Today IP-Watch has an amazing story of an Obama administration trip to Geneva to discuss intellectual property issues. Apparently the USPTO organized the trip, which included several Obama officials, plus these congressional staff:
Christal Sheppard, counsel for House of Reprentatives Judiciary Committee Chairman John Conyers of Michigan (Democrat); John Mautz, legislative director for Rep. Howard Coble of North Carolina; and Matthew Sandgren, counsel for Senator Orrin Hatch of Utah, the ranking Republican on the Senate Judiciary Subcommittee on Antitrust, Competition Policy and Consumer Rights. Erik Stallman, senior legislative counsel for California Rep. Zoe Lofgren, who is on the House Judiciary Committee Subcommittee on Courts and Competition Policy, the Congressional Anti-Piracy Caucus and the IP Caucus; and Philip Tahtakran, legislative director and counsel for California Rep. Adam Schiff, who is a member of the House Judiciary Committee, Appropriations Subcommittee on Commerce, Justice, Science and Related Agencies, and co-chair of the Congressional International Anti-Piracy Caucus, and on the IP Caucus).
Geneva is an important place, with a lot going on. There is the World Trade Organization (WTO), the World Health Organization (WHO), the World Intellectual Property Organiation (WIPO), and lots more. There are also plenty of civil society groups who follow IP negotiations, such as our organization, Knowledge Ecology International (KEI), MSF, Oxfam, Third World Network, IQSensato, etc.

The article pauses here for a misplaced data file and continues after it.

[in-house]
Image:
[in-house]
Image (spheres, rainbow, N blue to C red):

So who did the Obama administration schedule to meet with the Congressional staff?
The International Federation of Pharmaceutical Manufacturers and Associations (IFPMA, now headed by former US official Alicia Greenidge); and law firm Sidley Austin, which also represented the Pharmaceutical Research and Manufacturers of America at the meeting. Finally, they attended a roundtable on "How to Shape a Positive Agenda on IP" with General Electric (GE), Business Software Alliance (BSA) and IFPMA. GE was represented by Thaddeus Burns, senior corporate counsel and former US IP attaché in Geneva, BSA by Francisco Mingorance, director of public policy Europe, and IFPMA by Greenidge.
People at the USPTO have been telling me that Obama will be continuing the George Bush policies on intellectual property rights. So far, it is hard to argue otherwise.